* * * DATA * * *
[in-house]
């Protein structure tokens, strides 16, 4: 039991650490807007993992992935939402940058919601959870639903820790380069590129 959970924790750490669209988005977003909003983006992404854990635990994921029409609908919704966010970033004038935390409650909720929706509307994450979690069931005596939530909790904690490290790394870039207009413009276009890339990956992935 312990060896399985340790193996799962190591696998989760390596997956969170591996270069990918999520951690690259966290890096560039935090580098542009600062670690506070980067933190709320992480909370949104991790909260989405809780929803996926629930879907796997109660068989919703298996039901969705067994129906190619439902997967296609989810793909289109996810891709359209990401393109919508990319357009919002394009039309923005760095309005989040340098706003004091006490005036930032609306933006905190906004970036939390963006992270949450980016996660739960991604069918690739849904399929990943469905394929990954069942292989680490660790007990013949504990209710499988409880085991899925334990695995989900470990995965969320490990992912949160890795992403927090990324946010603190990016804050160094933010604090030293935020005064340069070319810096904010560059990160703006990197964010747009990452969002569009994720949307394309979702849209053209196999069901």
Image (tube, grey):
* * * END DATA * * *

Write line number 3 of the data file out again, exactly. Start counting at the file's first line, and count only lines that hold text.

Image (tube, grey):